Seek out innovative technology, but always be prepared to connect it to those systems that must communicate with each other. It is not easy. We have expectations that want these systems to be as simple to interoperate with each other as earlier technology paradigms: telephones, email, faxes. But with every wave of new technology, there is added complexity, so it becomes that much harder to make the interoperability of the newest technology as simple as earlier systems. We speak of "information dial tone"—if only it were that simple. But done right—think iPhone and iPad—it's a magical thing.
5. Portability: Patients and physicians will continue to have choices of where to go. The whole reason accountable care got as far as it did is that it preserves that choice. The challenge is to build the technology that makes that freedom work at a practical level – patients receive the care they desire, and physicians practice where and when they desire for job satisfaction. If your healthcare system makes it difficult for the information associated with patients or doctors to travel with them, you will become a less desirable destination.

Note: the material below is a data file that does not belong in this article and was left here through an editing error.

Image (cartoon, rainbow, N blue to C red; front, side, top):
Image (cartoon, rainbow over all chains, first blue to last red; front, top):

To explore the very practical next steps you can take in healthcare information exchange, I'll be hosting a Webcast Monday, June 17. My guests will be HIE pioneers Linda A. Reed, RN, and David L. Miller. Reed is vice president of behavioral and integrative medicine and CIO of Atlantic Health System. She is also president of Jersey Health Connect, one of New Jersey's grant-funded health information exchange organizations. Miller is vice chancellor for information technology and CIO for the University of Arkansas for Medical Sciences.
I hope you can join us as we explore what's working, what isn't, and how you can make health information exchange a reality now. There's no time to waste.
WEBCAST: Integrate HIEs into Physician and Staff Workflows for Better Outcomes. June 17, 1:00-2:30pm ET.